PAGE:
Honey is a spayed female low-content wolf-dog. We rescued her in February 2017 when she was between 1 and 2 years old.
We still don’t know Honey too well, and she is still extremely fearful of people. She’s not yet comfortable enough for anyone to touch her and she would prefer to be left alone rather than have visitors. We’re not entirely certain how she feels about other animals, but so far she seems to prefer their company to humans.
Unfortunately, Honey is quite an escape artist, so she lived in a smaller enclosure with a roof until we could upgrade one of our large habitats. We were so thrilled to watch her joy when she moved into her new space, with a new friend, Crow!
Adding to her already impressive escape-artist resume, Honey has figured out how to open gates! We’ve found the inner-door to her habitat ajar several times, even though the safety clip is still securely in place. She’s a talented little girl!
Little is known about Honey before she came to Wild Spirit Wolf Sanctuary. All we know is that she was running loose for roughly 10 months in the New Mexico wilderness, just outside the small town of Las Vegas. When she was finally caught by Animal Control, she was brought to an overcrowded shelter where no animal could hope to be happy, let alone a wolf-dog.
We heard about Honey through a friend of the sanctuary. Our friend, part of the wolf-dog rescue network, desperately wanted to save Honey but she wasn’t sure yet where she could find permanent sanctuary. Leyton agreed to help by going to pull Honey from the shelter and bringing her to Wild Spirit until a permanent home became available. He and Crystal drove to Las Vegas and met the shelter staff who had been caring for Honey. Countless dogs filled the kennels and cages at the shelter, barking and begging for homes. In the midst of it all, poor Honey was terrified. Although she was not social, a few staff members could handle Honey when necessary and with their help, she was loaded into the van and brought to Wild Spirit.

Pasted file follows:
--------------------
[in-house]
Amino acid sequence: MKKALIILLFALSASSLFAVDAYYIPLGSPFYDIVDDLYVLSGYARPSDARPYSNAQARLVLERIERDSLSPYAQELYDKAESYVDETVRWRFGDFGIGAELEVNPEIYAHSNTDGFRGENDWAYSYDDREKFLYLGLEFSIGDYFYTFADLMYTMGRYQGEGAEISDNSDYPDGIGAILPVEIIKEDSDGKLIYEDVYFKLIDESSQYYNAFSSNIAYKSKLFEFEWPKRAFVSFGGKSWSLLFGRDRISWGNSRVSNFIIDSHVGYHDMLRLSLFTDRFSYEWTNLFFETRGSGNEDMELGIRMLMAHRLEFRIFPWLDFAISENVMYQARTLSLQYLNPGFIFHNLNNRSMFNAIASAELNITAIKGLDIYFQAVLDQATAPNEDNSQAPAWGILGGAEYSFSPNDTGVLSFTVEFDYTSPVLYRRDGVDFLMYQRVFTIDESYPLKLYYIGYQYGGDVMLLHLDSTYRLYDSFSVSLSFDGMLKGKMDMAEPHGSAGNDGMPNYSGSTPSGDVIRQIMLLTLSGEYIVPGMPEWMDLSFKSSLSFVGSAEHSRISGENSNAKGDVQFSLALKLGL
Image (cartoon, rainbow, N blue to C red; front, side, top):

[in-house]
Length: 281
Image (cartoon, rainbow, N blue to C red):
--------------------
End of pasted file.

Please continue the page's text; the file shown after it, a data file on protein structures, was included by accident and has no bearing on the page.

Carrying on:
Upon arriving at Wild Spirit, Honey was placed in a temporary habitat complete with a roof. Good thing that roof was there! Within minutes she was looking for an escape route, even hanging from the ceiling by her nails and teeth. Our hearts filled with sympathy and we knew we would only maker her more nervous if we tried to comfort her. We left her in peace to settle in.
Since Honey’s arrival, it’s become clear to the Wild Spirit staff that the best thing for this poor girl is consistency, gentle care, and a safe, permanent home where she can grow into herself and eventually relax. Although our initial plans were to be a temporary home for Honey, we’ve decided she is with us to stay, because we are confident we can provide the things she needs to live a happy, full life.